Knights Templar may have secretly held shroud, Vatican expert says
Published: April 6, 2009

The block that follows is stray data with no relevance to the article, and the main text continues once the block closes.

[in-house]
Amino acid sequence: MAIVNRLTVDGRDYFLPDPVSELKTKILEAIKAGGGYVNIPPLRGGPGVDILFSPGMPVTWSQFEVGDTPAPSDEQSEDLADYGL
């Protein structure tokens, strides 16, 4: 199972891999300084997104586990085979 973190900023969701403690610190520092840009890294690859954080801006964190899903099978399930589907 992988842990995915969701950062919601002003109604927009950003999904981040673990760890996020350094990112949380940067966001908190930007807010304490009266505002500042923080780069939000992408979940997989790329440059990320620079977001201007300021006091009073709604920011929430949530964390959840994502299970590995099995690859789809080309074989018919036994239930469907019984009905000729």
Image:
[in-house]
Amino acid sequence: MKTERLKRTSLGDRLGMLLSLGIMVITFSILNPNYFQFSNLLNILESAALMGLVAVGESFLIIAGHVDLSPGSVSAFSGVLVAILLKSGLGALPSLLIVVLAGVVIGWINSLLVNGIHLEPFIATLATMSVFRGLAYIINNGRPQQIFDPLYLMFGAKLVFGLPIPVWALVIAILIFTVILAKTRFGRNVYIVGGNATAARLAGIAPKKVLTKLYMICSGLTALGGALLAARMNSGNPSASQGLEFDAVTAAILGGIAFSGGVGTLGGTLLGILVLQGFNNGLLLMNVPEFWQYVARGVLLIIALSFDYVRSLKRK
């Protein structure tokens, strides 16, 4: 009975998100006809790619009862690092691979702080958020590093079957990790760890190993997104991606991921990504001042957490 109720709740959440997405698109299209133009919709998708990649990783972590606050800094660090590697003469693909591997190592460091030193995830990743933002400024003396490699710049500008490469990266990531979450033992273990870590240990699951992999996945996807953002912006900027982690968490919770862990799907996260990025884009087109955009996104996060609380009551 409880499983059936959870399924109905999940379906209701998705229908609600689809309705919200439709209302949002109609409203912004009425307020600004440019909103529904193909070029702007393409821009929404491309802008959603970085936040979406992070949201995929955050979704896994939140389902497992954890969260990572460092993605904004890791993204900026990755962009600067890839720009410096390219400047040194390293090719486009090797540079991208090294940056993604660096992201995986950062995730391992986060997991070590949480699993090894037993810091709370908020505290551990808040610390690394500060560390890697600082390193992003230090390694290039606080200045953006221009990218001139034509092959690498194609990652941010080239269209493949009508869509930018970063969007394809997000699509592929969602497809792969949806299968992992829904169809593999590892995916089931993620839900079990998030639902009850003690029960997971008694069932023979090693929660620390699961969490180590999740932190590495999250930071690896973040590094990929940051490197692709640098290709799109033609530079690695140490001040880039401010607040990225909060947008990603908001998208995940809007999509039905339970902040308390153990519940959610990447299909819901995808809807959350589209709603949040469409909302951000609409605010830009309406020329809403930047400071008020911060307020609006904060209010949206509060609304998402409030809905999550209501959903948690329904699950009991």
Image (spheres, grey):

VATICAN CITY (CNS) -- A Vatican researcher has found evidence that the Knights Templar, the medieval crusading order, held secret custody of the Shroud of Turin during the 13th and 14th centuries. The shroud, which bears the image of a man and is believed by many to have been the burial cloth of Jesus, was probably used in a secret Templar ritual to underline Christ's humanity in the face of popular heresies of the time, the expert said. The researcher, Barbara Frale, made the comments in an article published April 5 by the Vatican newspaper, L'Osservatore Romano. The article anticipated evidence the author presents in an upcoming book on the Templars and the shroud. Frale, who works in the Vatican Secret Archives, said documents that came to light during research on the 14th-century trial of the Templars contained a description of a Templar initiation ceremony. The document recounts how a Templar leader, after guiding a young initiate into a hidden room, "showed him a long linen cloth that bore the impressed figure of a man, and ordered him to worship it, kissing the feet three times," Frale said.
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